07:30 AM - 08:30 AM
26 January 2022
Walumil Lawns Barangaroo Reserve
Walumil Lawns Barangaroo Reserve, Barangaroo, NSW, 2000
WugulOra Morning Ceremony
The WugulOra (one Mob) Morning Ceremony at Barangaroo Reserve is a reminder that Australia’s First Nations people are the foundation of Australia’s story and caretakers of the world's oldest continual culture.
Every year since its inception in 2003 (when it was called woggan-ma-gule), the ancient smoking ceremony cleanses the way for new beginnings and celebrates the Gadigal people of the Eora nation through music, dance, language, story-telling and ceremony. The 2022 event was also broadcast live on ABC TV and streamed on iview which you can watch here.
There were special performances by Aboriginal and Torres Strait Islander dancers and singers, including the Koomurri Aboriginal Dance Troupe and the national anthem sung both in English and Eora, the local Aboriginal language.
This ceremony and much of the Sydney program is guided by First Nations representatives and features many First Nations artists showcasing the richness and historical significance of culture through modern and meaningful performances. The event is also co-curated with the Metropolitan Local Aboriginal Land Council (MLALC).
Our nation’s story began more than 65,000 years ago.
First Nations Australians are the foundation of our nation’s story and continue to maintain the world's oldest living culture.
Each year as the sun rises on 26 January, we remember to:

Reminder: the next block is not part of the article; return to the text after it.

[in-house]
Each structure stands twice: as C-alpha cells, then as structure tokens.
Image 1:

- honour the traditional custodians of the land on which we gather, the Gadigal people of the Eora nation,
- acknowledge our shared history,
- listen to local elders,
- witness the passing down of culture,
- reflect on the strength and resilience of First Nations Australians.
WugulOra is a free event open to the public. Everyone is welcome to attend this unique event, so if you haven’t experienced this symbolic event before, make sure you plan to attend in 2023.
The WugulOra Morning Ceremony is always held at Headland Stage, Barangaroo Reserve. Barangaroo is named after a Cammeraygal woman, who was a powerful leader of her people at the time of European colonisation. Her story is an important and empowering part of our shared history – not only for First Nations Australians, but for the entire nation.
Highlights from 2022
Browse photos from the WugulOra Morning Ceremony 2022.
About the Smoking Ceremony
The Smoking Ceremony flame recognises the survival of the world’s oldest culture. Lit on Me-Mel (also known as Goat Island), the flame burns through the night and then travels to Barangaroo on 26 January.
A Smoking Ceremony is an ancient ritual where native leaves are burnt to produce smoke. Depending on the leaves used, the smoke:
- wards off bad spirits
- acknowledges ancestors
- pays respect to the land and sea of country
- cleanses the way for new beginnings.
In the video below, Uncle Max Harrison (a Yuin Elder) and Dean Kelly (a Yuin man), talk about the meaning and significance of the Smoking Ceremony.
Aboriginal and Torres Strait Islander people should be aware that this website may contain images, voices or names of deceased persons in photographs, film, audio recordings or printed material.
History of the WugulOra Morning Ceremony
The WugulOra Morning Ceremony has been a special feature of the Australia Day in Sydney program since 2003.
At the heart of this ceremony is the communication of culture through music, dance and language.
Its first iteration, as the Woggan-ma-gule Ceremony, was staged in the Royal Botanic Gardens Sydney from 2003; and continued until 2012.
It was renamed WugulOra, meaning ‘one mob’ and moved to the northern boardwalk of the Sydney Opera House in 2013.
Since 2016, the WugulOra Morning Ceremony has been held at Barangaroo Reserve and televised nationally.
The NSW Government partners with the Metropolitan Local Aboriginal Land Council to ensure content, messaging and representation is appropriate.